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Permutation Index

/*************************************************************************** * Author: Isai Damier * Title: Permutation Index * Project: geekviewpoint * Package: algorithms * * Statement: * Given a permutation of a set, return the index of the permutation. * * Sample Input: {3, 1, 2} * Sample Output: 4 * * Time Complexity of Solution: * Best = Average = Worst = O(n^2) * Space Complexity of Solution: * Best = Average = Worst = O(1) * * Details: * A permutation is an ordering of the elements of a set. So for a set * constituted of the elements 1,2,3; then {1,2,3} and {2,1,3} are two * different permutations of the set. A set of length n has n! permutations. * For example, if a set contains 3 elements, it has 3! = 3*2*1 = 6 * permutations. The following algorithm uses the relation between * permutation and factorial to find the index of a given permutation * of a set. * * Illustrating by manually getting the index of {2, 4, 3, 1}. * Since this is a 4-element set, we know there are 4! permutations * (4! = 4*3*2*1). If the set only had 3 elements, we would have 3*2*1 * permutations. If the set only had 2 elements, we would have 2!=2*1 * permutations; and so on. * * ASIDE: The decimal system of counting is a positional system. * A 3-element decimal number, for instance, has the following three * positional weights: hundred, ten, unit. Hence, we know the value of the * number 472 because we understand: 4*hundred + 7*ten + 2*unit. * * If we treat our 4-element set as a positional system, then we get the * following positional weights: 3!, 2!, 1!, 0. So that the index of * {2, 4, 3, 1} is: x*3!+y*2!+z*1!+w*0. Presently it suffices to find the * values of x,y,z to calculate the index (we ignore w because it is paired * with 0). x,y,z are counters: the number of succeeding elements less than * the element being considered. For example, in {2, 4, 3, 1}, there are * two succeeding elements less than 4 (namely 3 and 1). For 2 it's 1 (1); * for 4 it's 2 (3 and 1); for 3 it's 1 (1); for 1 it's 0. * * Now we can calculate the index of {2, 4, 3, 1} as: x=1, y=2, z=1: * x*3!+y*2!+z*1!+w*0 = 1*3! + 2*2! + 1*1! = 6 + 4 + 1 = 11. * * Now that we have our algorithm, the trick is implementing it. As you * may imagine there are a number of possible implementations. The * presented implementation focuses on using constant auxiliary memory: * memory = O(1) and time = O(n^2). The code is written for readability. **************************************************************************/ public int permutationIndex(int[] permutation) { int index = 0; int position = 2;// position 1 is paired with factor 0 and so is skipped int factor = 1; for (int p = permutation.length - 2; p >= 0; p--) { int successors = 0; for (int q = p + 1; q < permutation.length; q++) { if (permutation[p] > permutation[q]) { successors++; } } index += (successors * factor); factor *= position; position++; } return index; }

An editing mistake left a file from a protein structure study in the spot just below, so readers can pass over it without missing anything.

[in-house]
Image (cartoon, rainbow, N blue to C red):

import org.junit.Test; import static org.junit.Assert.*; public class NumbersTest { /** * Test of permutationIndex method, of class Numbers. */ @Test public void testPermutationIndex() { System.out.println("permutationIndex"); int[][] three = {{1, 2, 3}, {1, 3, 2}, {2, 1, 3}, {2, 3, 1}, {3, 1, 2}, {3, 2, 1}}; Numbers instance = new Numbers(); for (int i = 0; i < three.length; i++) { assertEquals(i, instance.permutationIndex(three[i])); } int[][] four = {{1, 2, 3, 4}, {1, 2, 4, 3}, {1, 3, 2, 4}, {1, 3, 4, 2}, {1, 4, 2, 3}, {1, 4, 3, 2}, {2, 1, 3, 4}, {2, 1, 4, 3}, {2, 3, 1, 4}, {2, 3, 4, 1}, {2, 4, 1, 3}, {2, 4, 3, 1}, {3, 1, 2, 4}, {3, 1, 4, 2}, {3, 2, 1, 4}, {3, 2, 4, 1}, {3, 4, 1, 2}, {3, 4, 2, 1}, {4, 1, 2, 3}, {4, 1, 3, 2}, {4, 2, 1, 3}, {4, 2, 3, 1}, {4, 3, 1, 2}, {4, 3, 2, 1}}; for (int i = 0; i < four.length; i++) { assertEquals(i, instance.permutationIndex(four[i])); } } }